Tofino, BC - For the majority of Steve Howard’s life, he lived by the phrase, “real men don’t cry.” “Back in my day we were always taught not to cry,” he said. “We were always taught not to feel. So, we grew up kind of tough. Whatever we held in, we kept in.” It’s a mindset that the Tla-o-qui-aht man is trying to shift by encouraging his four sons to openly share their feelings. And yet, his past traumas of physical, mental and sexual abuse continue to hold him back. “We all have troubles and we all have flaws,” he said. “We don’t share our stories. Sexual abuse is a really big thing that happened to First Nations people – not just in Tla-o-qui-aht, but all over Canada and the United States. We as men don’t express that feeling of being raped, not just by a priest but by [our] own family members.” Noticing a gap in men’s support, Howard, Chris Seitcher, Dwayne Martin, Craig Devine and William Goodbird formed a men’s group and started hosting informal men’s circles in Ty-Histanis in the Fall of 2017. While they noticed options for women, youth and elders, there wasn’t a place for men to come together. For Howard, the men’s circle provided him a safe space to share his story without fear of judgement. In turn, he encouraged the men around him to “feel strong enough to express who they are.” “Everybody’s story helped my journey,” he said. “It’s the growth of knowing that I’m not alone in this world.” In those early stages, the men’s group struggled to host regular circles because they didn’t have a consistent space to gather in. The setback meant attendance was scarce and yet its impact started to pulse throughout the nation. “One of the key things that we noticed was it started a conversation in and around the community,” said Devine. “These men would [return] home from our men’s gathering and be totally high as a kite on the good vibe of everything. They brought that energy back home with them and their wives noticed it and their kids noticed it. We started really wanting to build on that.” Eventually, the group of volunteers secured a space within the nation’s health centre and three to 18 men started regularly attending. Through sweats, brushings, singing, drumming and talking circles, the group aimed to integrate a more ancestral approach to dealing with trauma. “We communicate our emotions in a different way, or the way that we were taught,” said Seitcher, Tla-o-qui-aht First Nation cultural support worker. "Sometimes expressing them will come out through yelling, swearing or causing harm to another person.” While there is no excuse for that behaviour, Seitcher said the men’s group is trying to shift those forms of expression through connection and ceremony. “If we are able to truly work on ourselves and truly heal, we are able to be in the moment,” he said. “We are able to live for today. We’re able to see and be connected with the people that we meet and talk to – with our families and loved ones. We won’t sit with the things that were done in the past. We won’t sit with the hurts that have happened in the past. It will come up – those hurts and those pains – but we have to allow it to flow through our bodies so that we can let it go.” As momentum started to build, the First Nations Health Authority stepped in last year and provided a significant amount of funding for the group. Despite being unable to gather due to COVID-19 restrictions, Seitcher, Devine and Naomi Seitcher, Tla-o-qui-aht First Nation community services manager, have been working to formalize the group, which has been named, ƛ̓iik̓pitap taqumł. Levi Martin offered the name, which means “to build a solid foundation for the community.” “It always makes me feel good when people are wanting to do something to make changes in themselves, in their families and communities,” he said. They landed on the name because the structure of a house cannot stand without the foundation, said Seitcher. “Each one of us in the community can be that foundation,” he said. “If one person heals, the hope is that the next person heals too. If we heal as a community, the next generation will be that much better off.” By letting go of the past, Seitcher said the community will be able to “move forward in a good way.” Looking ahead, ƛ̓iik̓pitap taqumł plans to provide an open, consistent space where Tla-o-qui-aht men can gather and grow through ceremony, health programming and cultural learning. By supporting men in their healing journey through connection, Howard said the men’s group is a tool “to speak your mind.” “A lot of us are too scared to speak,” he said. “But once you learn how to speak, then you learn how to stand. And once you learn how to stand, you learn how to walk. It’s learning how to move forward again.” Melissa Renwick, Local Journalism Initiative Reporter, Ha-Shilth-Sa
YANGON, Myanmar — Demonstrators defied growing violence by Myanmar security forces and staged more anti-coup rallies Friday, while the U.N. special envoy for the country called for urgent Security Council action, saying about 50 peaceful protesters were killed and scores were injured in the military's worst crackdowns this week. The escalation of violence has put pressure on the world community to act to restrain the junta, which seized power on Feb. 1 by ousting the elected government of Aung San Suu Kyi. Large protests against military rule have occurred daily in many cities and towns. Security forces escalated their crackdown with greater use of lethal force and mass arrests. At least 18 protesters were shot and killed Sunday and 38 on Wednesday, according to the U.N. Human Rights Office. More than 1,000 have been arrested, the independent Assistance Association for Political Prisoners said. Protests continued in the biggest cities of Yangon and Mandalay and elsewhere Friday. They were met again with force by police, and gunfire was heard. In Mandalay, Zaw Myo was fatally shot as the 26-year-old and other residents sought to protect a march by a group of engineers. U.N. special envoy Christine Schraner Burgener said in her briefing to a closed Security Council meeting that council unity and “robust” action are critical “in pushing for a stop to the violence and the restoration of Myanmar’s democratic institutions.” “We must denounce the actions by the military,” she said in her briefing, as released by the U.N. “It is critical that this council is resolute and coherent in putting the security forces on notice and standing with the people of Myanmar firmly, in support of the clear November election results.” Schraner Burgener reiterated an earlier appeal to the international community not to “lend legitimacy or recognition to this regime that has been forcefully imposed and nothing but chaos has since followed.” She urged council members to hear “the voices of the people of Myanmar” and support Kyaw Moe Tun, the country’s U.N. ambassador who was terminated by the military after denouncing the coup in a dramatic speech to the General Assembly. The military appointed his deputy, who resigned a day later and Tun has said he remains Myanmar’s permanent representative to the U.N. The Security Council took no immediate action. Council diplomats said Britain circulated a draft presidential statement for consideration, a step below a legally binding resolution. Any kind of co-ordinated action at the U.N. will be difficult because two permanent members of the Security Council, China and Russia, are likely to veto it. Schraner Burgener, a veteran Swiss diplomat, said she hopes to visit Myanmar and use her “good offices” to find a peaceful solution through dialogue. Meanwhile, the U.S. State Department said Friday that the government has taken action to prevent Myanmar’s military from improperly accessing more than $1 billion in Myanmar government funds held in the United States. And YouTube removed five channels run by Myanmar’s military for violating its guidelines and said it is watching for any further violations. It earlier pulled dozens of channels as part of an investigation into content uploaded in a co-ordinated influence campaign. The decision by YouTube followed Facebook’s earlier announcement that it has removed all Myanmar military-linked pages from its site and Instagram, which it owns. Many cases of targeted brutality by security forces in the streets have been captured in photos and videos that have circulated widely on social media. Videos have showed security forces shooting people at point-blank range and chasing down and savagely beating demonstrators. The U.S. called the images appalling, the U.N. human rights chief said it was time to “end the military’s stranglehold over democracy in Myanmar,” and the world body’s independent expert on human rights in the country, Tom Andrews, urged Security Council members to watch the videos. While many abuses are committed by police, there is even greater concern about military forces being deployed in Myanmar's cities that are notorious for decades of brutal counterinsurgency tactics and human rights abuses. In Yangon, members of the army's 77th Light Infantry Division have been deployed during protests of the coup. The 77th was also deployed in Yangon in 2007 to suppress anti-junta protests, firing on protesters and ramming them with trucks, witnesses told Human Rights Watch. The 99th Light Infantry Division also has been deployed, including in Mandalay. It is infamous for its counterinsurgency campaigns against ethnic minorities, including spearheading the response that led to a brutal crackdown that caused more than 700,000 Rohingya Muslims to flee from Rakhine state to Bangladesh. It also has been accused of war crimes in Shan state, another ethnic minority area, in 2016 and early 2017. A leader of barred lawmakers who say they are the legitimate representatives of the country released a letter to U.N. Secretary-General Antonio Guterres urging the Security Council to help end the violence and restore the ousted government. The letter asked for outside parties to help prevent human rights violations, sanctions on military leaders and military-linked businesses, a total arms embargo and penalties for perpetrators of atrocities. The letter is signed by Dr. Sasa, who uses one name, on behalf of the Committee Representing Pyidaungsu Hluttaw, Myanmar’s Parliament, which the military has barred from convening. The lawmakers want foreign countries and international organizations to recognize them instead of the junta. Schraner Burgener said earlier this week she warned Myanmar’s army that the world’s nations and the Security Council “might take huge, strong measures.” “And the answer was, ‘We are used to sanctions, and we survived those sanctions in the past,’” she said. When she also warned that Myanmar would become isolated, Schraner Burgener said, “the answer was, ‘We have to learn to walk with only a few friends.’” The Association of Southeast Asian Nations has urged a halt to violence and the start of talks on a peaceful solution in Myanmar. The 10-member regional group, which includes Myanmar, is constrained from enacting serious measures by a tradition of acting by consensus and reluctance to interfere in each other’s internal affairs. However, one member, Singapore, was outspoken Friday in criticizing Myanmar’s coup. “It is the height of national shame for the armed forces of any country to turn its arms against its own people,” Foreign Minister Vivian Balakrishnan said in Parliament. But he also warned that the approach favoured by some Western nations of pressuring Myanmar’s generals with sanctions would not be effective. The U.S., Britain and several other countries have already started to use that approach. “Despite all our fervour and earnest hopes of reconciliation ... the keys ultimately lie within Myanmar. And there’s a limit to how far external pressure will be brought to bear,” he said. The Associated Press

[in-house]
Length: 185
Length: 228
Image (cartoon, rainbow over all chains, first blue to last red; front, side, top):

TORONTO — Canadian actor Patrick J. Adams is defending his "Suits" co-star Meghan, the Duchess of Sussex, as she and husband Prince Harry square off against media critics and the British Royal Family. Toronto-raised Adams has posted a series of tweets praising Meghan and admonishing what he calls "the endless racist, slanderous, clickbaiting vitriol spewed in her direction from all manner of media across the U.K. and the world." Adams also criticizes the Royal Family in his tweets, which end with him telling Meghan's detractors to "find someone else to admonish, berate and torment," adding she is way out of their league. Meghan and Harry, who live in California after stepping back from royal duties, are set to speak about life at Buckingham Palace in a TV special with Oprah Winfrey on CBS and Global on Sunday. Teaser clips from the two-hour prime-time interview show Meghan saying "the firm" — a nickname for the Royal Family — is playing an active role "in perpetuating falsehoods about" herself and Harry. Harry also talks about his fears that history would repeat itself after his mother, Princess Diana, died in a car crash while pursued by paparazzi. Meghan, a biracial former actor who is pregnant with the couple's second child, has faced relentless criticism in the British press since marrying Harry in 2018. As Sunday's interview clips circulate, new accusations have surfaced against her in the Times of London, with a former aide accusing her "bullying" Royal Family staff in 2018. Buckingham Palace said Wednesday it was launching an investigation into the allegation. The royal rift comes as Prince Philip, Harry's 99-year-old grandfather, recovers from a heart procedure in hospital. Adams and Meghan played a couple working in the legal world on "Suits," which was shot in Toronto from 2011 to 2019. Adams said Meghan "was an enthusiastic, kind, co-operative, giving, joyful and supportive" friend and colleague, and remained so as her "fame, prestige and power accrued." "She has always been a powerful woman with a deep sense of morality and a fierce work ethic and has never been afraid to speak up, be heard and defend herself and those she holds dear," Adams wrote on Twitter. "Like the rest of the world, I have watched her navigate the last few years in astonishment." This report by The Canadian Press was first published March 5, 2021. The Canadian Press